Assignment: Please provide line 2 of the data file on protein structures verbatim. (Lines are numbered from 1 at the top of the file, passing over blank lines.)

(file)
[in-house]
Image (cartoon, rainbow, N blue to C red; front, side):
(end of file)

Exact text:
Image (cartoon, rainbow, N blue to C red; front, side):